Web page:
After quartering them I sliced them and froze the slices across three freezer bags, for using later. Ideally I'd not use plastic bags but my freezer is pretty full and the bags were easy to squeeze in. I also need more of those glass tubs (well, Christmas is coming up, hint hint).
Also from the lean-to we've been enjoying winter salads, growing in the old tomato pots. The last few days we've had coriander leaf, winter purslane and sweet rocket in our sarnies.
 
Finally a shot of the smaller winter squashes, currently occupying the kitchen shelves...there are cream of the crop, sweet dumpling and blue kuri. Almost too pretty to eat but I'm sure I'll force myself. I'm planning on taking a pic of all the squashes together at some point, including the monsters but I'll have to shift things around. It'll be good to see them together though.
 

Thanks for reading, I'm linking in late with Harvest Monday, kindly hosted by Dave at Our Happy Acres.

 

Monday, 16 October 2017

Harvest Monday and a trip to the coast

I only took a smattering of veggie pics this week, but here they are...first up, some curly kale and Nero kale. I'm planning on spreading a bit of compost round the plants soon to give them a bit of a feed, as they've been in the ground for several months already.
From the lean-to greenhouse at home, I picked a couple of ripe sweet peppers. There are quite a few still to pick, so I just need to make sure they don't start rotting on the plants before I get round to harvesting them all. Maybe I'll freeze some of them.
These two went into a tasty pasta dish, mixed up with some basil pesto made from some of the plants which were being cleared from the smaller polytunnel at the market garden where I volunteer.
I finally got round to sorting out the potatoes that I'd lifted a while back, giving the lounge quite an earthy aroma for a while. At least I laid down some newspaper before tipping them out of the old compost bags they'd been temporarily stored in, in the kitchen, (which wasn't a great place, it was too warm and light, so a few had even started to sprout a bit, and it's those I'll use up first). The rest are now in a big paper sack in the brick shed outside, which keeps cold but frost-free.
Other harvests include daily pickings of salad leaves for our lunch sarnies, mainly lettuce and rocket at the moment. The lettuce outside is nearly finished but the more recently planted-out leaves in the lean-to are growing away quite nicely whilst the weather isn't too cold yet.
 
I always look forward to a bit of chestnut foraging in Autumn. The weather was forecast to be fine for most of today so a friend and I headed off to a couple of woods not too far away, along with her little girl (13 months old, awww). Well, it seems to be a good year for them, we collected a couple of tubs each without too much problem, and enjoyed a pleasant wander through the trees in dappled sunlight (this was before Norfolk caught the very edge the hurricane this evening - it's now cold and windy).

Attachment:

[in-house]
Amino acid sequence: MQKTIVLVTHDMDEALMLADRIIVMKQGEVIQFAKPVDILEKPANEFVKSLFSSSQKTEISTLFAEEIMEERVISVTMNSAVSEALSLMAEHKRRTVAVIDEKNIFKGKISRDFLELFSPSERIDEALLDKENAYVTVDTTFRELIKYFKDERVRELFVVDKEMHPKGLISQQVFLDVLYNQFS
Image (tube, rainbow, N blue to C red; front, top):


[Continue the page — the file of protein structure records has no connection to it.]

There was quite a spectacular sunset this evening though - completely underdone in this photo. In reality it was a lovely (or spooky) orangey glow (having gone completely dark from 4.30pm, then brightened up again)
Yesterday was another beautiful autumn day, so I caught the train up to Sheringham on the north Norfolk coast (people were actually swimming in the sea, it was so warm) and then swapped to the Coasthopper bus, along to Salthouse and Cley, for a very enjoyable walk - first heading inland a bit and then back to the coast for some birdwatching at the nature reserve.
 
View down to the marshes and sea.
Across the marshes, looking to Salthouse
Across the pools and reedbed, looking towards Cley
A lovely sound and sight - the pink footed geese are back for the winter, flying over the reserve in mid afternoon with their gentle 'wink wink' calls.
They were headed inland, maybe to feed on the arable fields?
Anyone interested in birds - I also saw marsh harriers, black tailed godwits, snipe, ruff (winter plumage), two kestrels (one of them had a bit of a 'to do' with a marsh harrier), lapwings, little egrets, plenty of different ducks (shelduck, widgeon, gadwall etc), curlew and more. Quite excitingly, I heard a water rail on the edge of a pond (they sound like a squealing piggy) and also Cetti's warblers. Oh and saw a grey seal swimming past the beach. And turnstones on the prom at Sheringham (they're always there, so cute). Not a bad day. My top money-saving tip for this journey (or similar trips to the coast) is to buy a 'bittern line day ranger' ticket at the train station, which is only £9 and includes all your train and Coasthopper bus journeys for the day...bargain.

 

Back to the veggies, I sowed my Autumn broad beans this week, and will plant out the garlic soon too. I have a few last winter squashes which I put in the allotment shed to cure, to bring home as well. Thanks for reading, I'm linking in as usual with Harvest Monday, kindly hosted by Dave at Our Happy Acres.